Gallery Image Credits: OceanX/ODL/Susan Poulton
Ocean exploration and marine science face significant challenges due to their reliance on advanced technology and substantial financial investments, further exacerbated by inequitable access to existing tools and resources worldwide (Partelow et al., 2020; Bell et al., 2023). While these barriers to ocean exploration require huge changes within the sector, OceanX’s Young Explorer Program is taking steps to address some of these issues. For instance, participants have access to experts and resources on board, including OceanXplorer's state-of-the-art research facilities and media lab. In turn, they are given plenty of space to discover a holistic approach to ocean research and problem-solving relevant to their studies and fields.
YEP IV participants are astonished when they discover that Manu Prakash's microscope also has WiFi.
OceanXplorer's multinational crew and the Young Explorers Program’s faculty members also facilitated participants to envision an ocean science community that better reflects their own backgrounds and experiences. The field of marine sciences has long grappled with a lack of diversity, both ethnically and racially, making it one of the least inclusive STEM fields. Moreover, there remains an under-representation of scientists from the global South and East in the marine conservation and science arena (Johri et al., 2021).
Students try out their photography skills on board the ship. Image Credit: ODL/ Susan Poulton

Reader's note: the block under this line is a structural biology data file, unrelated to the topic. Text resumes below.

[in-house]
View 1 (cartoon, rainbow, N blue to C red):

An OceanXplorer crew member from the deck department explains the ship's operations to YEP IV students. Image Credit: ODL/Susan Poulton
Dialogues concerning justice, equity, diversity, and inclusion can be awkward, uncomfortable, and even exhausting in many settings. It was refreshing that we did not need to force these conversations during the program. Whether at the workshops, coffee breaks, or dinners, I appreciated that the crew, students, and faculty could openly discuss difficult topics. The students, in particular, articulated their thoughts with grace, empathy, and a strong sense of purpose. These exchanges have also inspired me to think about what I can recalibrate in my own work as a Malaysian journalist, especially within the context of decolonizing media narratives about the ocean.
Dr. Casandra Newkirk, a marine biologist, talked about her research on coral reefs and her involvement with the non-profit Black in Marine Science. Image Credit: ODL/Susan Poulton
The culmination of the expedition was marked by the students' science and media presentations. From spoken poetry and audio clips to videos, short films, photography, and PowerPoint slides, their creative projects not only conveyed their growing appreciation and awareness of the ocean's beauty and significance but also their dedication to effecting positive change in their communities and schools. They are determined to utilize their newfound knowledge and leadership roles to promote ocean literacy and inspire others from similar backgrounds to protect the ocean and pursue marine science or ocean-adjacent careers.
YEP IV students present their impressive media and science projects at the end of the expedition for the program's participants and the ship's crew members, including a candid presentation about coding. Credit: ODL / Nadiah Rosli
My own journey in ocean advocacy has not been straightforward or effortless, and I am grateful for the support, resources, and opportunities I've had over the years. So, while "the world moves on its own and free," I hope that the experiences, memories, and networks from this expedition will assist the students in navigating and charting their own path in the marine space and sustaining their passion and interest in all things ocean-related…for at least another 20 years, please?